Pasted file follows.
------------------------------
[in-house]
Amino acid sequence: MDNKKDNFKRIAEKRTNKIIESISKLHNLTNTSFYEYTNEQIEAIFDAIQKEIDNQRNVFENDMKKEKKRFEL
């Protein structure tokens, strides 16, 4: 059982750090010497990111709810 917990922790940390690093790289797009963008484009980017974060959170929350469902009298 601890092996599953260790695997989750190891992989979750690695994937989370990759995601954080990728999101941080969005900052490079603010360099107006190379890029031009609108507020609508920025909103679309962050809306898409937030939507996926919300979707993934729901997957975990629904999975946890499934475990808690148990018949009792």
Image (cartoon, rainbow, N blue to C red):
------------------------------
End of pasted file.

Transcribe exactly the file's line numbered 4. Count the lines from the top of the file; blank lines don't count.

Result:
Image (cartoon, rainbow, N blue to C red):